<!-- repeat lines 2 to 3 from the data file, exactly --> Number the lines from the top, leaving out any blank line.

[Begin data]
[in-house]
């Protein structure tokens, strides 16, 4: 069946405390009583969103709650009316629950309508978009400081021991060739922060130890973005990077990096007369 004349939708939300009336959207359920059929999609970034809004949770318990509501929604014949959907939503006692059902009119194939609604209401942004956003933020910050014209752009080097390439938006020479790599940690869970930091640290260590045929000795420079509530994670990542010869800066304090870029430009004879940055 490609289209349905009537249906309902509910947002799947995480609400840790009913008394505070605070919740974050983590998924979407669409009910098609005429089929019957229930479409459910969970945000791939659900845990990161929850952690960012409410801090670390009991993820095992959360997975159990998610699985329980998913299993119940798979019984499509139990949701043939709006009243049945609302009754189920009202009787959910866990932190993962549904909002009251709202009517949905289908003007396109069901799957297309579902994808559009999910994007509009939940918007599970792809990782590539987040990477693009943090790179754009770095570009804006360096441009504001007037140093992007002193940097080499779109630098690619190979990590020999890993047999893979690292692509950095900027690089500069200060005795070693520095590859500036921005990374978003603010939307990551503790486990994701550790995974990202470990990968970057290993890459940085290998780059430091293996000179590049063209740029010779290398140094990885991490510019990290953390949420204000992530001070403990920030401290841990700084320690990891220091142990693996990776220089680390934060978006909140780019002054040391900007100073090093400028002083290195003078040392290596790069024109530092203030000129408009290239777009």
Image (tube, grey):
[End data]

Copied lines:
């Protein structure tokens, strides 16, 4: 069946405390009583969103709650009316629950309508978009400081021991060739922060130890973005990077990096007369 004349939708939300009336959207359920059929999609970034809004949770318990509501929604014949959907939503006692059902009119194939609604209401942004956003933020910050014209752009080097390439938006020479790599940690869970930091640290260590045929000795420079509530994670990542010869800066304090870029430009004879940055 490609289209349905009537249906309902509910947002799947995480609400840790009913008394505070605070919740974050983590998924979407669409009910098609005429089929019957229930479409459910969970945000791939659900845990990161929850952690960012409410801090670390009991993820095992959360997975159990998610699985329980998913299993119940798979019984499509139990949701043939709006009243049945609302009754189920009202009787959910866990932190993962549904909002009251709202009517949905289908003007396109069901799957297309579902994808559009999910994007509009939940918007599970792809990782590539987040990477693009943090790179754009770095570009804006360096441009504001007037140093992007002193940097080499779109630098690619190979990590020999890993047999893979690292692509950095900027690089500069200060005795070693520095590859500036921005990374978003603010939307990551503790486990994701550790995974990202470990990968970057290993890459940085290998780059430091293996000179590049063209740029010779290398140094990885991490510019990290953390949420204000992530001070403990920030401290841990700084320690990891220091142990693996990776220089680390934060978006909140780019002054040391900007100073090093400028002083290195003078040392290596790069024109530092203030000129408009290239777009």
Image (tube, grey):